The Field Fix
Jacket zipper not sealing properly on your sheep hunt? Many zipper problems can be fixed in the field. you can clean the teeth with water and your toothbrush if you need to, and a candle can be a decent lubricant. Most zipper problems come about quickly and really impact gear performance. Usually these problems are caused by a faulty zipper slider, the small metal chunk that slides up and down the zipper chain its self.
The simplest problem to fix in the field is a broken pull. Many zippers have a locking mechanism that is activated by pulling on the zipper pull, the mechanism requires a rigid, somewhat lightweight wire that can fit into the zipper slider body. A paper clip is likely the easiest solution, though I've seen small split rings or bailing wire used as well. A thin string can be tried, but often won't have the rigidity to deactivate the locking mechanism.
It turns out that zippers are a precisely calibrated part, and over time the sliders can wear to the point of not working.
A quick and dirty fix is to gently squeeze the sides of the zipper slider together, as the reason your slider isn't engaging the zipper teeth is because it has either stretched or worn out of spec. Use caution, because your slider is already worn in some way, you risk breaking it when you squeeze the top and bottom together. Pinching your zipper slider tighter may fix your immediate problem, but over time you may wear out the actual zipper tape, the fabric that the zipper chain is attached to; which will then require a full on zipper replacement.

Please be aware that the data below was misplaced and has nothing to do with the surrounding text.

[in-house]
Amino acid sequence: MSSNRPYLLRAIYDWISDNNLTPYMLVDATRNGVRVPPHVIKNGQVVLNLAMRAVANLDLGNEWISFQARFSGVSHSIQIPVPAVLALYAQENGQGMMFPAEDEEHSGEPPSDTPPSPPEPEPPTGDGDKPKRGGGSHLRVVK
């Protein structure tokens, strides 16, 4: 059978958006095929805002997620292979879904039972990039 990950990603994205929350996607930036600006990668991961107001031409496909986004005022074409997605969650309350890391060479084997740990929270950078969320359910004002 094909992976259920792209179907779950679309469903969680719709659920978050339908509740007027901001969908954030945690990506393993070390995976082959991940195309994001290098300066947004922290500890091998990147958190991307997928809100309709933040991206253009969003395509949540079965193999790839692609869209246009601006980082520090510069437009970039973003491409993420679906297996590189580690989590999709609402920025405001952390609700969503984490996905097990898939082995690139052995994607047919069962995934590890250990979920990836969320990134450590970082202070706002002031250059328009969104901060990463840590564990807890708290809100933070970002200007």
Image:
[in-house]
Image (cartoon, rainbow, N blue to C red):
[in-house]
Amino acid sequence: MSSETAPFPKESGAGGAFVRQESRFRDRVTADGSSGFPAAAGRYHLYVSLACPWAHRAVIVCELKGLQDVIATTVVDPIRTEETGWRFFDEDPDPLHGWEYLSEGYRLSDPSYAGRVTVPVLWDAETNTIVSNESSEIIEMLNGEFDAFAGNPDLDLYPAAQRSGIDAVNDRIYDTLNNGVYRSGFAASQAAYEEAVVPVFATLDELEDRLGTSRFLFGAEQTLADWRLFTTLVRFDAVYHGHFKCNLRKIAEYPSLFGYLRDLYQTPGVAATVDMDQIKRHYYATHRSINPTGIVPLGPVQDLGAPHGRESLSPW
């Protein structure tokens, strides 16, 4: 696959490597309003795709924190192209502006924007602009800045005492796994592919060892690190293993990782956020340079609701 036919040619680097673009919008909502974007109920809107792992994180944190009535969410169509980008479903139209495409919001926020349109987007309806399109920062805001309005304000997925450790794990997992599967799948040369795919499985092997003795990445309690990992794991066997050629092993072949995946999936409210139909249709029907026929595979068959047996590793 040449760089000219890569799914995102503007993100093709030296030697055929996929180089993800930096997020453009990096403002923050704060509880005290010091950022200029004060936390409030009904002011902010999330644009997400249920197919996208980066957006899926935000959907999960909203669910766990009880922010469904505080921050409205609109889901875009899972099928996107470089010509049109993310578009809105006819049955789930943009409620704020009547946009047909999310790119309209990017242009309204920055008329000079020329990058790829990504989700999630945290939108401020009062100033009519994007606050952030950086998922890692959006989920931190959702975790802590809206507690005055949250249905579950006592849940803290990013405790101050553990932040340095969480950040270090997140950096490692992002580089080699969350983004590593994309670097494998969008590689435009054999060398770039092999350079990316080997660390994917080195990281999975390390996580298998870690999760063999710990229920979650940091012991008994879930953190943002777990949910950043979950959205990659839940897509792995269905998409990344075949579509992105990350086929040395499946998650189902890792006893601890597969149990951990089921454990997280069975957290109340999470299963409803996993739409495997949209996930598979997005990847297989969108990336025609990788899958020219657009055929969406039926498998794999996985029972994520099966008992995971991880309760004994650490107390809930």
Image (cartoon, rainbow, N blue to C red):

A broken slider needs to be replaced, a job that can be done in the field with some simple tools you may already have, but unless you have a spare with you, your probably asking yourself if it's a good idea to sew your jacket shut with dental floss. Do what you need to get yourself out of the mountains, then come see us.
In Zippers Part 2 we'll demonstrate how to replace the slider with simple tools you probably already carry.